showing of any prejudice. I don't think there was any. The jury
right now is in the jury room. It was permitted to separate by
consent of counsel. We all know that prisoners of the type of this
defendant are all of necessity brought to the courthouse with
handcuffs on. They couldn't be safely handled any other way. This
is a penitentiary town. I don't know whether people watch that
station or not. Channel 9 does not come in unless a person is on
the Cable and they have to change to channel 3. So that will be
Defendant contends that the trial court's ruling in refusing to
grant a mis-trial constitutes reversible error. He argues that the
jurors probably saw the film and assuming that they saw the
defendant filmed in chains amounted to a violation of 22 O.S. § 15
[22-15], the same providing:
can be compelled in a criminal action to be witness against
himself; nor can a person charged with a public offense be
subjected before conviction to any more restraint than is
necessary for his detention to answer the charge, and in no event
shall he be tried before a jury while in chains or shackles."
¶9 We are
of the opinion that this assignment of error is without merit.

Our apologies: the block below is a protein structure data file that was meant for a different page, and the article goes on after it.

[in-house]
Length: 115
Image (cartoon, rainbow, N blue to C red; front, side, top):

Title 22, O.S. § 853 [22-853] provides:
sworn to try an indictment or information, may, at any time before
the submission of the cause to the jury, in the discretion of the
court, be permitted to separate, or to be kept in charge of proper
officers. The officers must be sworn to keep the jurors together
until the next meeting of the court, to suffer no person to speak
to or communicate with them, nor to do so themselves, on any
subject connected with the trial, and to return them into court at
the next meeting thereof. Such officer or officers having once
been duly sworn, it is not necessary that they be resworn at each
recess or adjournment. An admonition to the officer and the jury
shall be sufficient."
alleged prejudicial error purportedly occurred during a recess
before final submission of the case to the jury and counsel for
defense had acquiesced and agreed to allow the jury to separate.
The rule is well settled that the separation of the jury for a
short period of time or overnight where not objected to by
counsel, or sworn by affidavits or testimony on motion for new
trial that defendant was prejudiced, will not vitiate a verdict.
Bilton v. Territory, 1 Okl.Cr. 566, 99 P. 163; Nowabbi v. State,
31 Okl.Cr. 158, 237 P. 868; Cox v. State, Okl.Cr., 283 P.2d 545;
Fry v. State, 91 Okl.Cr. 326, 218 P.2d 643; Martin v. State, 92
Okl.Cr. 182, 222 P.2d 534; Hobson v. State, Okl.Cr., 277 P.2d 695;
Hayes v. State, Okl.Cr., 292 P.2d 442.
was no showing made at the time the Motion for Mis-trial was
argued in chambers, nor on the Motion for New Trial, that any of